Doctor says if Sam Sulek ‘was gone’, younger fans would still try steroids: ‘they want to be freaks’

According to Dr. Raynor, younger fans would still use PEDs even if Sam Sulek didn’t exist, adding that they would just try to copy other big names like Chris Bumstead, Derek Lunsford and Phil Heath.

“If a young person wants to compete [pro bodybuilding] at some point it is likely that they will use steroids. Even those who do not intend to compete but want to improve their bodies are attracted to PED use.

“If someone who is impressed by Sam’s physique decides to take PEDs, do you think if Sam was gone they wouldn’t do it? They might still impress someone else.

Maybe Chris Bumstead, Derek Lunsford, Phil Heath or Ramon Dino, but I don’t blame them either. Because if they were gone, I think the statement would still be true.”

Instead of blaming Sulek, the doctor pointed to younger men who are “infatuated” with their physiques and are therefore willing to take PEDs to improve their bodies.

“The problem is that young men can become so infatuated with their physique that they are actually willing to compromise their health to change their body. The implicit value hierarchy puts the body ahead of long-term optimal health.”

“Sam Sulek is just one person in a long tradition. There’s a tradition of being inspired by something or someone to go all yolky.”

Simply put, Dr. Raynor said that people don’t follow Sulek for his health, but for his personality, incredible strength, and rugged physique.

“If we’re using the argument that bodybuilders are doing something unhealthy to discourage people from bodybuilding, we’re misunderstanding that fact. We’re barking up the wrong proverbial tree. They want to be freaks. And in many cases, health is a secondary priority, if even in the conversation at all.”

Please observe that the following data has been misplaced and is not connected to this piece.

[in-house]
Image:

“Can I realistically expect Sam to give sound advice on health and longevity? One thing I found interesting about his interview with Fouad and Paul was how open Sam was whenever Fouad took a critical tone,” said Raynor.

“Health isn’t why people follow Sam. It’s his personality. It’s a no-nonsense attitude. But let’s be honest, without the incredible strength and most importantly physique, it wouldn’t be the same.”

At the end of the conversation, Raynor thanked Sulek for his instincts when lifting heavy.

“Sure, he lifts a bad ton of weight on a lot of his lifts, but that’s legit what he can do with relatively high reps. He seems to have relatively good instincts for gauging how much weight he needs to lift to get to the range he wants. He’s not too proud to drop weight off the bar to get at that time.

For Raynor, he can’t see Sulek “doing this for a long time.”

“Do I understand the vibe that he’s been doing this for a long time, too…no.”

In addition to Dr. Raynor, former eight-time Mr. Olympia Ronnie Coleman also discussed the Sam Sulek hype train. Overall, Coleman was impressed with many of Sulek’s lifts, specifying in a recent YouTube video that his body was the furthest thing from nature.

There’s no denying that Sam Sulek’s talks make for fascinating content. As for Dr. Raynor, he doesn’t blame Sulek for influencing the younger generation, but emphasized the dangers of long-term PED use.

Watch the full YouTube video on Dr. Raynor’s channel below:

CAUSE: Dana Linn Bailey compares the Sam Suleks Generation to the Late Rich Pianos and Bostin Lloyds


This news is written by Doug Murray, Fitness Volt News Editor. Passionate about strength sports, bodybuilding and powerlifting, Doug is dedicated to bringing you accurate and insightful news reporting. He loves connecting with readers and is always happy to answer any questions you may have.

If you have any questions about this news article, feel free to contact Doug by leaving a comment below.